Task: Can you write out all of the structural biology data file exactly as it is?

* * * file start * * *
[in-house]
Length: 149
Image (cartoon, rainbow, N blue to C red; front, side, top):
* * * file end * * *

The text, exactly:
[in-house]
Length: 149
Image (cartoon, rainbow, N blue to C red; front, side, top):